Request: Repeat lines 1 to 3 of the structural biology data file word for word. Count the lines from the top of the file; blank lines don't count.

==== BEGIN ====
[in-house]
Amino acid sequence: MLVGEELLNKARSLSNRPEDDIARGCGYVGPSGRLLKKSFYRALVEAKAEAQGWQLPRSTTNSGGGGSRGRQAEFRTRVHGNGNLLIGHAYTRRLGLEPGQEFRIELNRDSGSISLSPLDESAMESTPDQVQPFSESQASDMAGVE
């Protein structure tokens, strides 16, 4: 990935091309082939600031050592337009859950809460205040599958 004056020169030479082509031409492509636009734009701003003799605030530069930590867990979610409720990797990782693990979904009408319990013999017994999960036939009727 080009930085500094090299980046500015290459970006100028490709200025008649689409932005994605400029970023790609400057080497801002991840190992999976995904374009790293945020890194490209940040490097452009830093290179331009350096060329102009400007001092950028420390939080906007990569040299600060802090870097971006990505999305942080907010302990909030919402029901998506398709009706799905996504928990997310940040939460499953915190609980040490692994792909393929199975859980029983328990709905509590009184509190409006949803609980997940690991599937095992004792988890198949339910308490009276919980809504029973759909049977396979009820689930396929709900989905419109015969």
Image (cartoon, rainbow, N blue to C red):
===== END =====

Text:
[in-house]
Amino acid sequence: MLVGEELLNKARSLSNRPEDDIARGCGYVGPSGRLLKKSFYRALVEAKAEAQGWQLPRSTTNSGGGGSRGRQAEFRTRVHGNGNLLIGHAYTRRLGLEPGQEFRIELNRDSGSISLSPLDESAMESTPDQVQPFSESQASDMAGVE
């Protein structure tokens, strides 16, 4: 990935091309082939600031050592337009859950809460205040599958 004056020169030479082509031409492509636009734009701003003799605030530069930590867990979610409720990797990782693990979904009408319990013999017994999960036939009727 080009930085500094090299980046500015290459970006100028490709200025008649689409932005994605400029970023790609400057080497801002991840190992999976995904374009790293945020890194490209940040490097452009830093290179331009350096060329102009400007001092950028420390939080906007990569040299600060802090870097971006990505999305942080907010302990909030919402029901998506398709009706799905996504928990997310940040939460499953915190609980040490692994792909393929199975859980029983328990709905509590009184509190409006949803609980997940690991599937095992004792988890198949339910308490009276919980809504029973759909049977396979009820689930396929709900989905419109015969």